Population, not politics, threatens Pakistan

Discussion in 'Pakistan' started by LalTopi, Sep 12, 2014.

  1. LalTopi

    LalTopi Regular Member

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    Explosion in number of inhabitants could have dire consequences


    While the politicians fight each other in Islamabad for control of Pakistan, they make no mention in their fiery speeches of the real crisis likely to stunt prosperity for generations. According to economists and demographers, the explosion that endangers Pakistan is not political but demographic.
    At independence in 1947, there were 33m Pakistanis. Today there are about 200m, making the nation the sixth most populous in the world. By 2050, the population will reach 302m, if the standard projection of the Population Council, a non-government group based in New York, proves correct.
    However, the number of inhabitants in 2050 could be as high as 395m or as low as 266m, depending on whether the fertility rate remains stable or declines rapidly from the current level of 3.8 children per woman. The gap between the highest and lowest forecasts is huge, exceeding the population of most countries.

    The strain on natural resources (especially water), government services, infrastructure and families is already immense and will worsen – even if Islamabad suddenly boosts family-planning programmes to meet popular demand for contraception and so ensures the population grows at the lowest of the predicted rates.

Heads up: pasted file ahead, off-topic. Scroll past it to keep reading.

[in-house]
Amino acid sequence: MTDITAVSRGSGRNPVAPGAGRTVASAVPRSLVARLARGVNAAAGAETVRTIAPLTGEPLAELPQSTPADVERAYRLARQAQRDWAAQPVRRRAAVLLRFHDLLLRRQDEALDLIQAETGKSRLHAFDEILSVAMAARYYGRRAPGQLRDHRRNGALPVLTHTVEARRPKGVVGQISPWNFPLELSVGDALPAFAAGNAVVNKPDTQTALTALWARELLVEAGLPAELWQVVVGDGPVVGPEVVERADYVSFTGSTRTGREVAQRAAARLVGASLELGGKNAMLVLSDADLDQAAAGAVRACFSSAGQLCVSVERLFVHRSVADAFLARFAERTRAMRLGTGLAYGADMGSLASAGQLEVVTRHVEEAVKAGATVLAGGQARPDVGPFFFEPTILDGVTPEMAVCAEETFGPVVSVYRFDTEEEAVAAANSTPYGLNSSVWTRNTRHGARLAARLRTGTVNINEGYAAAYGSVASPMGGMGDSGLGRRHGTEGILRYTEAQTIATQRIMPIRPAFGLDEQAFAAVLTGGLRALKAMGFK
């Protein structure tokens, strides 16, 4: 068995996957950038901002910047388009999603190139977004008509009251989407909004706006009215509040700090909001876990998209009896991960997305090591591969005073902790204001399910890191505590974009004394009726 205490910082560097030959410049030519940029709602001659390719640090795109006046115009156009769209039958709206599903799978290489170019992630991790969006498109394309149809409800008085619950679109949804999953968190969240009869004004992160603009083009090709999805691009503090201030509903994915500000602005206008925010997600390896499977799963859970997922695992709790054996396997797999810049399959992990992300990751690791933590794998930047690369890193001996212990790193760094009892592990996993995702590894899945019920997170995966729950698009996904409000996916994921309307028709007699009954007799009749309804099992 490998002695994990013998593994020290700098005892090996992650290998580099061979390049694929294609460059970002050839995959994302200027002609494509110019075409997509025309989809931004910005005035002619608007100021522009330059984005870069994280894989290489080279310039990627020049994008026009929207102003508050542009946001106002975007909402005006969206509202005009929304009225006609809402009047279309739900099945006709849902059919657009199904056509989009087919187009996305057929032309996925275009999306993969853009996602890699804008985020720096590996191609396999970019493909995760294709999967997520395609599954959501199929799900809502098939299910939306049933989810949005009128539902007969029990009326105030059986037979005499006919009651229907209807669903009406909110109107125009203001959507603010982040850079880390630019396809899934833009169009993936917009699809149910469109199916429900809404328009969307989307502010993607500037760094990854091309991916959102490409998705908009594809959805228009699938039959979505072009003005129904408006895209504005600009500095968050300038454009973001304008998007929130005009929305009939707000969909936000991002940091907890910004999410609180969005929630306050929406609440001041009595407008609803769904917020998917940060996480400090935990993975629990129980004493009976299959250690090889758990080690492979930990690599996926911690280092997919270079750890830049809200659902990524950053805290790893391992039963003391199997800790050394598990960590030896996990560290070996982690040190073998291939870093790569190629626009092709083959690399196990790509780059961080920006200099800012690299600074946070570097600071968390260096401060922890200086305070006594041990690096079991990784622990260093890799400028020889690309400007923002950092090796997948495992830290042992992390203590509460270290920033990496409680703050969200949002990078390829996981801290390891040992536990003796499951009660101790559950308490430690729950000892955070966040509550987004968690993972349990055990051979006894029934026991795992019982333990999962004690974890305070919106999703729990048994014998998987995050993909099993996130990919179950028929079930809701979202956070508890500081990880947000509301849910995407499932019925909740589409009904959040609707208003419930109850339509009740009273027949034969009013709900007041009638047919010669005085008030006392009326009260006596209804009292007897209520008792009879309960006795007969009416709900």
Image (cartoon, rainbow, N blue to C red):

Karachi, one of the world’s biggest cities, is plagued by severe water shortages and is now so crowded that people live a dozen or more to an apartment. Bus passengers routinely travel on the roof for lack of room inside.
    David Bloom, an economics and demography professor at the Harvard School of Public Health, describes rapid population growth and the need to provide for the young as a “crushing burden” on the economy.
    “If, in 10 or 20 years, Pakistan still has a large number of unemployed or underemployed people, including tens of millions of young people, the country may face crises that dwarf those it has experienced to date,” he writes in a foreword to a Population Council study.

    Sakib Sherani, an economist, says: “Politicians are not thinking long-term. They are not thinking beyond an election cycle.” He notes the workforce has nearly doubled in the past two decades to 60m and the labour market needs to provide 3m jobs a year for new entrants. “That’s just not happening.”